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How to Prevent Negative SEO

December 30, 2015 0 comments

Is ‘Negative SEO’ real?

Even since Google released its Google Penguin algorithm in April 2012, the keyword search for ‘negative SEO’ has been on the rise. And it is no myth. It is very real.

This is exact reason why Google has released the Google disavow tool. Furthermore, Google also encourages webmasters to report negative SEO attacks.

So, if you have been wondering whether your website can be penalised by negative SEO, you’re not wrong. This is definitely a possibility. But don’t worry. In this post, we are going to discuss what ‘Negative SEO’ is and how you can avoid and prevent it.

Ready? Let’s get started.


The Rise of ‘Negative SEO’

Negative SEO has, kind of, always been here. However, it started gaining prominence after the Google Penguin update.


It is because the Google Penguin update was specifically introduced to crack down on websites with shady and low-quality backlinks. Before the Google Penguin update, link-farming was a very common black-hat SEO practice.

However, the Google Penguin update started targeting websites with bad and low-quality links. If you are one of those websites, you are going to get penalised. In fact, you might already have.

And, as of currently, Google Penguin updates requires the next version update to restore a website’s previous position. However, that will be changed when Google Penguin update 4.0 comes next year in 2016.

Anyway, there are a few steps you can take to ensure that Google Penguin doesn’t penalise you. In other words, you will be trying your best to avoid negative SEO.

1. By Using Proper Anchor Text Distribution

Which anchor texts are you using for creating links? Moreover, which anchor texts other bloggers and website owners are using to create backlinks to your website?

The anchor text that is used for creating backlinks is an important factor here. Ideally speaking, the anchor text distribution should be even and natural. It shouldn’t look spammy, or else it leads it negative SEO.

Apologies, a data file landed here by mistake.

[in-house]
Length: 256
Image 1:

The bottom line is that if you create too many backlinks with the same anchor text — and especially from low-quality sources — you may get a penalty.

For instance, Spencer Haws had a niche website that experienced a similar type of SEO attack. Someone linked to his website thousands of time by creating backlinks with “best survival knife” as the anchor text for those links. In short, 86.1% of his backlinks were coming from a low-quality source with the same keyword. It looked spammy.

2. By Focusing on LDR

Another great way — probably the best one — to avoid negative SEO and Google Penguin penalties is to focus on LDR.

LDR refers to “Linking Domain Relevancy” and it is an important part of how modern-day SEO and backlinking work.

In simple words, focusing on LDR means creating backlinks only from websites that are in your niche. For example, if you are have a website that deals with meditation products, don’t generate backlinks from a blog in the domestic pet niche.

The following chart shows that websites with 0% relevant backlinks got the most penalties. On the other hand, websites with 100% backlinks coming from their own niches, didn’t get any penalty at all.


Percent of websites penalised by website niche

How to Deal with Bad Backlinks?

Sometimes, you can do everything right and still get bad backlinks. More often than not, your competitors intentionally create bad backlinks to send negative SEO signals and take down your website more higher search engine positions.

For instance,

In such cases, follow these steps.

  • Use a professional tool, such as Ahrefs, to collect information of all the bad or spammy backlinks.
  • Try to extract the names and email addresses of the webmasters who have created these bad backlinks to your website.
  • If you can’t find the necessary information, use a tool like whois.
  • Use a law firm’s legal letterhead to send a removal request. I won’t recommend using generic emails because that will generate a very low response rate.
  • In case you don’t get an answer, you can always contact the hosting company of that website. WhoIsHostingThis is a great tool to find that information.
  • If nothing works, you can always contact the Google Disavow tool and specify the links that you want to disavow.

Note: It is important to follow these steps as they are. If you directly jump to the Google Disavow Tool, Google may not hear your plea. They want you to proper step-by-step action.